Excellence in the black community brings to the fore past struggles, and it shapes the present. A simple dive into U. S. history reveals that many “great accomplishments” occurred not through hard work or innate ability alone, but through family ties and legacy. It is easier to advance in life when the path has already been paved.

Those who advanced through their predecessors’ contributions often see their mediocrity rewarded and celebrated, their greatest accomplishment inherited at birth. This is in no way intended to undermine those who have worked and sacrificed to get where they are. It speaks to individuals who have lived in an ecosystem where they are used to being on the receiving end, uncontested. Advancement based solely on predecessors celebrates inherited privilege.

Now, many experience the destabilizing sting of a shifting world in which effort and qualification can bring the advancement once limited to legacy. Those who had success handed down to them are waking to the reality that their achievement had more to do with absence of opportunities for others than their own capability. True excellence from any minority robs white Americans of their cherished belief that they are inherently special.

“Black on Black”

If excellence throws Black women and men into conflict with those outside the community, it also sparks a conflict akin to Stockholm syndrome within the community. I find this to be the most destructive effect of Black excellence.

Many deep within the community fight to overcome the ever-present limitations imposed on us. We rage against the ways we have been told we do not fit in or we’re not enough. Excellence for us is subsistence; we don’t have ancestors handing down the promise of a brighter future. The problem arises when achievement is like a hit of the drug of validation, especially from one’s oppressors. Status can form an identity that convinces achievers they are better than members of their own community who have not had the same opportunities or achieved the same accomplishment. They transfer the shame conferred from outside to others in their community.

Black elitism is poisonous, but it is not a modern occurrence. During slavery, slaves who worked in their master’s house very often looked down on slaves working in fields. They perceived proximity to the master and the master’s way of life as a victory. But whether in the house or in the field, both were enslaved, nonetheless. Black excellence can perpetuate this cycle of internalized racism. Some in the community seem to regard prestige as highly as a position in the master’s house, looking down on those who still live in fields of poverty. All the while, they fail to realize their oppressors’ rubric still governs them.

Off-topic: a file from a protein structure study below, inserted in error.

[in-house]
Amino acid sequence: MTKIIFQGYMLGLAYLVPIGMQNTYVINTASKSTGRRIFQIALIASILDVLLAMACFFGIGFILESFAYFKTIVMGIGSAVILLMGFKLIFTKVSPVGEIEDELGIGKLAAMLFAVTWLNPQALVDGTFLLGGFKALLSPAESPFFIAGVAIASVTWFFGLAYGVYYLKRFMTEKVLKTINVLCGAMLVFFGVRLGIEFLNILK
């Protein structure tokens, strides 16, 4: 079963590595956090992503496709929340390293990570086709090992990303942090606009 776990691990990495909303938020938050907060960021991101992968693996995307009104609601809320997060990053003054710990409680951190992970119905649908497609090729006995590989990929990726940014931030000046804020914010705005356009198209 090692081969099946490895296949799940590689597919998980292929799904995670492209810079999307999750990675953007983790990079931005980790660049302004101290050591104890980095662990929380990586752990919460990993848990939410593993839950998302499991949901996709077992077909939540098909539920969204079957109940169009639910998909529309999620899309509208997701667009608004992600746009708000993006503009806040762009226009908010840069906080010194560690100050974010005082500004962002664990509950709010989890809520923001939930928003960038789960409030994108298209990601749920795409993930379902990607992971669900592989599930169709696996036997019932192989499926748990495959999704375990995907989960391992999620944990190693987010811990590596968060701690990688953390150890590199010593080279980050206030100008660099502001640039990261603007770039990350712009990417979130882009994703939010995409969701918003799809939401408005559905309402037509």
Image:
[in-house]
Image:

During slavery, physical accomplishments determined worthiness. Strong men capable of doing a lot in the field and fertile women were considered valuable. In some ways we have moved to intellectual plantations, going from collecting cotton to collecting diplomas.

The film ends with a clear message of acceptance: despite false narratives and consistent attempts to belittle the Black community, it is neither defined by others’ standards nor confined by their fears. There is no prerequisite for the consideration of Black humanity. Black worthiness is inherent. The Black experience, despite adversity, is one of redemption and resilience. Let those who pursue excellence do so not to prove worthiness, but as an affirmation of their inherent value.

Image: still from the trailer for “American Fiction”.

About the author

Ezrica Bennett graduated with a bachelor’s degree in biology from Oakwood University. She has worked as a book editor for the Loma Linda University School of Medicine and has written for the Adventist Review and the Southeastern California Conference. She is a writer, public speaker, and coach, passionate about working with young adults to help them navigate life and faith, and a youth elder at the Loma Linda University Church. More from Ezrica Bennett.